Trade agreements

Introduction

Efficiency

Substitution

Redesign

Financing the transition

Introduction

As discussed under Problems, Place, trade agreements have contributed to the continuing export focus of the Canadian food system and there is some evidence that the agreements have limited the ability of countries to set their own course with food system development. Some critics promote regional self-reliance and local food distribution as an alternative approach, in part because local/sustainable systems are thought to counter many of the negative effects of the industrial, global model, with enhanced regional economic development, environmental improvements, and a higher quality food supply the likely result (Bendavid-Val, 1991; MacRae et al., 2014a,b). This heightened interest in such food systems has analysts exploring the many policy obstacles and opportunities to enhance their development, including examining the role of trade agreements, both domestic and international (COG, 2007; Carter-Whitney, 2008; Friedmann, 2007).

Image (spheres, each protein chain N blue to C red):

Trade articles in the General Agreement on Tariffs and Trade [GATT], several WTO agreements, including the Agreement on Agriculture (AoA), and in the North American Free Trade Agreement (NAFTA) areĀ  commonly named by Canadian government officials as reasons not to support local procurement and domestic producers interested in transitioning to sustainable practices and marketing (Carter-Whitney, 2006).

So, given these realities, changes to the trade deals are required if nations, whether industrial or developing, are to set their own trajectories for food system development.